The détente between Strasbourg and the UK makes last week’s judgement of the EU’s top court, the Court of Justice of the European Union (CJEU), even more intriguing. Serendipitously timed for release to coincide with David Cameron’s speech to the Conservative Party Conference (and the ten-year anniversary of the Strasbourg Court’s judgement in Hirst), the CJEU’s judgement in Delvigne v Commune de Lesparre-Médoc caused such consternation that Downing Street was obliged to deny that the UK would change its ban on prisoners voting even before the decision was known. The binding effect of CJEU judgments in domestic law means that its intervention on the issue would be much harder for the UK Government to side-step (at least with regard to European Parliament and local elections) than Strasbourg’s rulings.
In the end, Cameron’s speech was not upstaged, with the Court accepting that EU law was not breached in the ongoing denial of the vote to a convicted murderer in France over a decade on from the end of his incarceration. But if the judgment isn’t exactly headline-grabbing, is Joshua Rozenberg nonetheless right to argue that it means that the UK Government should act now on prisoner voting?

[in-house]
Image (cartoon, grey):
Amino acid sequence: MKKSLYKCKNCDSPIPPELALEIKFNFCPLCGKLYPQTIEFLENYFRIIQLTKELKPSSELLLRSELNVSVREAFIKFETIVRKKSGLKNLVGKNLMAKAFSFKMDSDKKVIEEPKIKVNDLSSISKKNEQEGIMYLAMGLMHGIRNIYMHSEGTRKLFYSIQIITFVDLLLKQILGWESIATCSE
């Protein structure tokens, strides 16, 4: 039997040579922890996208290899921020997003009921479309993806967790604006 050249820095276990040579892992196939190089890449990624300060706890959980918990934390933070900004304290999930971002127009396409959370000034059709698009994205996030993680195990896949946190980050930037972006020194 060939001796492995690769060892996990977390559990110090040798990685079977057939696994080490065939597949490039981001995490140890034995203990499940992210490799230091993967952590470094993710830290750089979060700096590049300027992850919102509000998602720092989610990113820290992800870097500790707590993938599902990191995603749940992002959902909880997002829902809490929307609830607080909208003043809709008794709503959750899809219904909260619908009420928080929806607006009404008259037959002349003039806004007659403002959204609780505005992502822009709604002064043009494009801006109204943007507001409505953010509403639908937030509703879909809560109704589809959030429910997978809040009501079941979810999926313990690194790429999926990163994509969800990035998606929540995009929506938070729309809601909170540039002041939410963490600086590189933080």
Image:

In many respects, the Delvigne reference was easy for the CJEU to resolve. The reference by the French Court was poorly constructed, with the Court being supplied with much less background information to the question of EU law its opinion was being sought on than it would usually expect (opening the possibility of ruling the reference inadmissible). The claimant had not attempted to follow the process which existed in French law to lift his disenfranchisement. Moreover, as a convicted murderer, France could make arguments about the seriousness of his offence warranting the additional punishment of disenfranchisement. The Court accepted that in some cases disenfranchisement was compatible with the EU’s Charter of Fundamental rights. Two years earlier, in Chester and McGeoch, the UK Supreme Court had reached the same conclusion on the limitations of the right to vote under EU Law:
I reject the submission that the Supreme Court could or should simply disapply the whole of the legislative prohibition on prisoner voting, in relation to European Parliamentary and municipal elections, thereby making all convicted prisoners eligible to vote pending fresh legislation found to conform with European Union law … under [EU law] a ban on eligibility will be justified in respect of a very significant number of convicted prisoners. (Lord Mance, para.73)